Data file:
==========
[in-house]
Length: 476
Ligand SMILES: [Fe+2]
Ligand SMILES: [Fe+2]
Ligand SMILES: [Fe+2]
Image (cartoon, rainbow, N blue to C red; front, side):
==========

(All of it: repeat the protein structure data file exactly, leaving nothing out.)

[in-house]
Length: 476
Ligand SMILES: [Fe+2]
Ligand SMILES: [Fe+2]
Ligand SMILES: [Fe+2]
Image (cartoon, rainbow, N blue to C red; front, side):